The world’s largest and most powerful space telescope deployed its giant golden mirror for the last time to Earth on Tuesday, a key milestone ahead of the launch of the $10 billion observatory later this year.
The James Webb Space Telescope’s 21-foot-4-inch (6.5-meter) mirror has been ordered to fully extend and lock into place, NASA said, a final test to ensure it will survive its million mile (1.6 million kilometer) journey and is ready to discover the origins of the Universe.
“It’s like building a Swiss watch 40 feet high…and getting it ready for this journey that we’re taking into the void at minus 400 degrees Fahrenheit (-240 Celsius), four times farther than the Moon,” said said Scott. Willoughby from prime contractor Northrop Grumman.
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He was speaking at the company’s spaceport in Redondo Beach, California, from where the telescope will be shipped to French Guiana for launch on an Ariane 5 rocket, with NASA targeting October 31 for liftoff.
Webb’s primary mirror is made up of 18 hexagonal segments coated with an ultra-thin layer of gold to enhance its reflection of infrared light.
It will fly through space folded like an origami piece of art, allowing it to fit inside a 16-foot (5-meter) rocket fairing, and then use 132 individual actuators and motors to bend each mirror to a specific position.
Together, the mirrors will function as a massive reflector, to allow the telescope to peer deeper into the cosmos than ever before.
Scientists want to use the telescope to travel back in time more than 13.5 billion years ago and see for the first time the first stars and galaxies that formed a few hundred million years after the Big Bang.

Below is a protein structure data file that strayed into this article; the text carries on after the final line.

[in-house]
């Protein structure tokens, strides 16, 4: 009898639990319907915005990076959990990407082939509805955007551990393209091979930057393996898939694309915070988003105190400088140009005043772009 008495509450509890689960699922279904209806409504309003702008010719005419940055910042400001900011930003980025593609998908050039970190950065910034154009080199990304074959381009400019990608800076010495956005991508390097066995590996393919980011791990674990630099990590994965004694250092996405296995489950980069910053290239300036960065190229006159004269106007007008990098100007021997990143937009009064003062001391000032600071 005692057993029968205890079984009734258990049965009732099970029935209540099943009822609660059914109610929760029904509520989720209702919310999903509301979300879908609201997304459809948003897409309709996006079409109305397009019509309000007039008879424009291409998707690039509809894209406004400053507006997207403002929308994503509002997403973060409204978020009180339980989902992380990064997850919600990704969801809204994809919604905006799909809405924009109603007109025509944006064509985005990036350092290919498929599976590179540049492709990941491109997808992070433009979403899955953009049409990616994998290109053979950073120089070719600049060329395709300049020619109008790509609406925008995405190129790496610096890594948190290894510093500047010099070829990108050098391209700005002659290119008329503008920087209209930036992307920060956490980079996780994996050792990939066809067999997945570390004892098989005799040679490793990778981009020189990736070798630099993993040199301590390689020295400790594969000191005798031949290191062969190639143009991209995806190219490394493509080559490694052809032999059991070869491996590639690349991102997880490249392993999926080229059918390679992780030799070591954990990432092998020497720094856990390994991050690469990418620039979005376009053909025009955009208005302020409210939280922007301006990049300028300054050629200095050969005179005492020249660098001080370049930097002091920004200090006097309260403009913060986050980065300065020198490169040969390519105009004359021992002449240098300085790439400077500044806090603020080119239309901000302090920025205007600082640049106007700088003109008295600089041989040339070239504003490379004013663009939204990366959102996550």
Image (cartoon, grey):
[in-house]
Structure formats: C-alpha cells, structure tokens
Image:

To do this, they must detect infrared. The current first space telescope, Hubble, has only limited infrared capability.
This is essential because, by the time the light from the first objects reaches our telescopes, it has been shifted to the red end of the electromagnetic spectrum due to the expansion of space between objects by the Universe over time. extent of its expansion.
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Another key area will be the discovery of extraterrestrial worlds. The first planets orbiting other stars were detected in the 1990s and there are now over 4,000 exoplanets that have been confirmed.
Webb “has instruments that will propel this exciting new field into its next saga of discovery,” said James Webb Telescope Program Scientist Eric Smith.
Scientists from 44 countries will be able to use the telescope, with proposals including using infrared capabilities to penetrate supermassive black holes at the center of galaxies, including our own.
“Webb’s capacity for discovery is limited only by our own imaginations, and scientists around the world will soon use this versatile observatory to take us places we never dreamed of going before,” Smith said.
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